The 2013-14 membership of this committee has not yet been finalized. Complete membership information for 2013-14 will be posted as soon as it becomes available.
Faculty of the Committee on Degrees in Environmental Science and Public Policy
Other Faculty Offering Instruction in Environmental Science and Public PolicyThe Environmental Science and Public Policy concentration is overseen by a Standing Committee functioning as a Board of Tutors including representatives from several departments of the Faculty of Arts and Sciences and from other schools as appropriate to ensure the requisite breadth of the program.
The concentration is designed to provide a multidisciplinary introduction to current problems of the environment. It is founded on the premise that the ability to form rational judgments concerning many of the complex challenges confronting society today involving the environment requires both an understanding of the underlying scientific and technical issues and an appreciation for the relevant economic, political, legal, historical, and ethical dimensions. It offers students an opportunity to specialize in a specific area of either natural or social science relating to the environment. All students have to satisfy a core of requirements in biology, chemistry, earth and planetary sciences, economics, government, and mathematics.
Primarily for UndergraduatesEnvironmental Science and Public Policy 10. Environmental Policy
Catalog Number: 6383 Enrollment: Limited to 40.
Half course (spring term). M., W., 2:30–4. EXAM GROUP: 7, 8
This course develops the concepts and skills needed to design effective public policy for managing interactions between environmental, social and economic systems. The course is organized around cases of real-world policy analysis, some from the US and some involving developing countries. We will examine the environmental, social and economic substance of the cases, the interests of stakeholders, the policy and political processes, the ways in which trade-offs are perceived and evaluated, and the outcomes and impacts.
Note: Intended for interested students from all concentrations.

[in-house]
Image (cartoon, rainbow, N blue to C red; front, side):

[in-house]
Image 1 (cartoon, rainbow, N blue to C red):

Environmental Science and Public Policy 11. Sustainable Development - (New Course)
Catalog Number: 79625
William C. Clark (Kennedy School)
Half course (spring term). M., W., (F) Hours to be arranged, and one or two Friday field trips; section meetings on most Fridays.
Explores contemporary understandings and practical implications of the idea of sustainable development. Investigates the meanings and measures that different groups have given to "sustainable development;" scientific understanding of the complex social-environmental systems we seek to develop sustainably; and lessons on how societies have avoided the "tragedy of the commons" while instituting practical action that advances sustainable development effectively and equitably. Employs case studies in development to meet needs for energy, food, water and health.
Note: This course, when taken for a letter grade, meets the General Education requirement for Societies of the World.*This course will be limited to 30 students.*
Environmental Science and Public Policy 44. Environmental Health Perspectives - (New Course)
Catalog Number: 51505
Chensheng Alex Lu (Public Health)
Half course (fall term). Tu., Th., 2:30–4.
This is a survey course designed to provide the foundations necessary to understand the basic concept of environ-mental health sciences with a global perspective. This course will introduce: 1) principle methodologies for environmental health science, 2) key environmental issues, 3) the impact to human health, 4) real-world environ-mental health research and its impacts. Various documentary films that address different global environmental health issues will be used to facilitate this course.
Prerequisite: LS 1 and PS 1
Environmental Science and Public Policy 77. Technology, Environment, and Society - (New Course)
Catalog Number: 11172
Sheila Jasanoff (Kennedy School)
Half course (fall term). M., W., (F.), at 10.
Our interactions with the natural world are increasingly mediated through changes in technology. Technologies create risks, generate solutions, reshape the environment, and alter our perception of the boundaries between nature and artifice. This course draws on major theories of technology and society to inform and deepen our understanding of environmental problems and policy options.
Note: Expected to be bracketed in 2014/15
Environmental Science and Public Policy 78. [Environmental Politics]
Catalog Number: 3613
Sheila Jasanoff (Kennedy School)
Half course (fall term). M., W., (F.), at 10. EXAM GROUP: 3